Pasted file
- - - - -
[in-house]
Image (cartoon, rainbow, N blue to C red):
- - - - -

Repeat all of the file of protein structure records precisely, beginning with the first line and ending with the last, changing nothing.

[in-house]
Image (cartoon, rainbow, N blue to C red):